While many of us think of the Fourth of July as a day of family, picnics, beaches, fireworks, retail sales and fun, we often lose perspective of the day’s true meaning. Just the fact that we generally call the day “The Fourth of July” and not “Independence Day” might tell us that the holiday’s impact has diminished over time, from a celebration of our national freedom and the declaration of political autonomy to just a date.

However, John Adams, one of our most notable Founding Fathers, wrote a letter to his wife, Abigail, on July 3, 1776, stating:

The second day of July, 1776, will be the most memorable epoch in the history of America. I  am apt to believe that it will be celebrated by succeeding generations as the great anniversary  festival. It ought to be commemorated as the day of deliverance, by solemn acts of devotion to God Almighty. It ought to be solemnized with pomp and parade, with shows, games, sports, guns, bells, bonfires, and illuminations, from one end of this continent to the other, from this time forward forever more.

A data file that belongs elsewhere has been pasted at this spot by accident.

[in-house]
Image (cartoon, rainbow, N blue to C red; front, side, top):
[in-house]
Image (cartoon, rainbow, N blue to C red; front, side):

So our celebrations are just what Adams ordered 239 years ago! But, did Adams get the date wrong? During the American Revolution the legal separation of the Thirteen Colonies from Great Britain actually occurred on July 2, 1776, when the Second Continental Congress voted to approve a resolution of independence that had been proposed in June by R. H. Lee of Virginia declaring the United States independent from Great Britain.  Congress then turned its attention to the Declaration of Independence, a statement explaining this decision, which had been prepared by a Committee with Thomas Jefferson as the principal author. Congress debated and revised the wording of the Declaration, finally approving it on July 4, 1776.

On the first anniversary of Independence Day in 1777, thirteen gunshots were fired in salute, once at morning and once again as evening fell, on July 4 in Bristol, Rhode Island. Philadelphia celebrated the first anniversary in a manner a modern American would find quite familiar: an official dinner for the Continental Congress, toasts, thirteen gun salutes, speeches, prayers, music, parades, troop reviews, and fireworks. And ships in American harbors were decorated with red, white, and blue bunting.

We at TUNG Brush and Gel wish you and your families a very, very Happy Fourth of July. We love celebrating our country and our proud that our produce is made in the U.S.A.! Remember our forefathers who laid the groundwork for our freedoms and for our rights to life, liberty, and the pursuit of happiness, including the ability to have one heck of a party!

Happy Fourth of July!